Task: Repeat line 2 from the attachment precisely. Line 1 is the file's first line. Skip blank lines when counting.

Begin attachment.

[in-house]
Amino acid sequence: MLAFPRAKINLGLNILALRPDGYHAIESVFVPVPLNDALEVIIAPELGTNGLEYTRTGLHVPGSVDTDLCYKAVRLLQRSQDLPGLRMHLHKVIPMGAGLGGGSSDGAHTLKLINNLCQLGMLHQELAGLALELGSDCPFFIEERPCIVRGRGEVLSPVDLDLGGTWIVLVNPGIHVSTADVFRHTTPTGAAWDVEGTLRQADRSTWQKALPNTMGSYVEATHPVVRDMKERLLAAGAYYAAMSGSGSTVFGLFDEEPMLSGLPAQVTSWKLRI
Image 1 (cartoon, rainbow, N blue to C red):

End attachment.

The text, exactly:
Amino acid sequence: MLAFPRAKINLGLNILALRPDGYHAIESVFVPVPLNDALEVIIAPELGTNGLEYTRTGLHVPGSVDTDLCYKAVRLLQRSQDLPGLRMHLHKVIPMGAGLGGGSSDGAHTLKLINNLCQLGMLHQELAGLALELGSDCPFFIEERPCIVRGRGEVLSPVDLDLGGTWIVLVNPGIHVSTADVFRHTTPTGAAWDVEGTLRQADRSTWQKALPNTMGSYVEATHPVVRDMKERLLAAGAYYAAMSGSGSTVFGLFDEEPMLSGLPAQVTSWKLRI